The Future of Oil and Gold Pricing

As with anything, it is important to consider the forecasted values of both gold and oil. Will the price go up as each becomes more scarce in the environment? Or will the price go down as we find replacements and substitutes and our dependency decreases? Will price fluctuate, remain stable, or be unpredictable? Will these always be valuable resources, and will the value of one change more than the other? It is not only important to look at the future of these industries, comparing and contrasting their vitality, but also how the pricing of each commodity is likely to change. Another question worth looking at is whether these changes can even be predicted. As seen with the Coronavirus Pandemic, there will always be events that will shake the market. Will this have a long term impact?

Short-term outlook for oil and gold prices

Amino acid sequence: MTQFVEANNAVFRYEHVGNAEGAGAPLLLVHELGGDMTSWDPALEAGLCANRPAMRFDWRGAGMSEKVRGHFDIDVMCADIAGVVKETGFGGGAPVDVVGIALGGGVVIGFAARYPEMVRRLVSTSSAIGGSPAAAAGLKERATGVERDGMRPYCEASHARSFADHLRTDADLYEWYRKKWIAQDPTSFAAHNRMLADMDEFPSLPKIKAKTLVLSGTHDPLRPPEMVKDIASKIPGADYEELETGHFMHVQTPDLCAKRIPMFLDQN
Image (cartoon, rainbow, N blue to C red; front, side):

Short-Term Forecast of Gold Prices

In the short-run, the Coronavirus Pandemic will likely be the biggest determinant of price for oil and gold. Unfortunately, the future of the Coronavirus Pandemic is highly unpredictable, meaning that the severity and length of this global event is largely unknown. Regardless of the uncertainty, market experts have predicted that the anticipated second wave will "crush oil markets"[30]. In an attempt to minimize this next downturn of the oil market, Saudi Arabia is set to export the lowest amount of oil to the US in 35 years[31], as a decrease in excess supply will help to keep prices a little higher. However, the International Energy Agency has predicted that oil demand will not return until 2022[32]. Therefore, regardless of any efforts that suppliers make to keep the industry from losing even more, it is clear that oil prices will not return to normal for the near future, at least until 2022.

Global GDP may decrease as much as 3% this year[30], which will likely trigger continued increases in the value of gold. Forecasts predict that gold prices will increase until the end of 2020, at which point prices will start to slowly return to where they were before the Pandemic, as shown by the graph to the right[16]. This means that in the short-run, gold prices will for the most part remain steady with only a slight change.

Long-term outlook for oil and gold prices